Child Marriage: A Horror That Still Prevails

January 20, 2024

MADHYA PRADESH/RAJASTHAN, India – “I was 16 and never missed a day at school,” recalled Kamal, who was forced to drop out of school and become a child bride. “I had to leave it all as my parents had bartered me for a girl my elder brother was to marry.” - An excerpt from the Dependent, deprived: Child brides in India tell their stories.

According to UNICEF, child marriage is described as, ‘any formal marriage or informal union between a child under the age of 18 and an adult or another child’. This age-old practice, both backward and harmful, has been continued throughout generations. Although there has been a significant decrease in child marriages over the last few years, the number of cases is still concerning. According to some studies, one in every five girls is involved in a child marriage around the globe.

This practice violates human rights and is detrimental to one’s development, be it the party involved or the community. The consequences of such practices tend to affect the education, economic conditions, physical and mental health of the victim (usually girls). An observation that is made in most child marriages is that the minor girl who is married off at a young age is unable to finish her schooling as her in-laws would be against it. This can also affect her ability to obtain a job with enough income further increasing their dependency and isolation from society.

In addition to the above, another risk emerging from such regressive practice is the risk of adolescent pregnancy. Adolescent pregnancy is not to be encouraged as it brings forward a horde of health risks which may be extended to the baby too. The lives of the mother and child are both at risk here. Ectopic pregnancy, stillbirth, weak child and even death may be a result in some cases.

In India, under The Prohibition of Child Marriage Act, 2006 - a child has been defined as ‘a person who, if a male, has not completed twenty-one years of age, and if a female, has not completed eighteen years of age’.

This act also declares that any marriage solemnised between children below the legal age limit is null and void. The act also provides punishments for various offences for allowing or conducting child marriages between minors or marrying minors with adults. Despite this, child marriage is still widespread across the nation. States like Rajasthan, Uttar Pradesh, Madhya Pradesh, Jharkhand, Chhattisgarh, Bihar and Andhra Pradesh still have average age of marriage below the legal age of eighteen for females.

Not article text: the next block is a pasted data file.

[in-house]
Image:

The future of our country is built on the dreams and hopes of our children. We must ensure as the citizens of India, we must not deprive our children of their childhood. Such regressive practices that thrive by crushing their dreams and enclosing them in a social cage should cease to exist. It is only then, we as a nation have truly taken a step forward in the development of our country.




By Sakshi Ramachandran
Sakshi Ramachandran is from Urwa Store, Mangaluru. She has completed her BA in St Agnes Institution. She is currently pursuing her bachelors of education from St Aloysius Institute of Education in Mangaluru.
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Comment on this article

  • David Pais, Mangalore

    Sat, Jan 20 2024

    As per my knowledge, girls marrying at the age of 8-17 and becoming pregnant will deliver a defective child. Marrying at the early age and becoming pregnant at the early age and delivering a baby will be a faulty baby. Becoming pregnant at the early age where the mother herself requires a mental/brains growth and a physical growth for herself. In my point of view, in such conditions how a mother can deliver a healthy baby when she herself needs sufficient brains growth and her physical growth?! Risking the unhealthy child and risking the mother's health. The article is an eye opener those who read, however those who married and do not know to read and write how they will perceive. In north Karnataka child marriage is still prevalent. This is a very sad to note in this 21st century.

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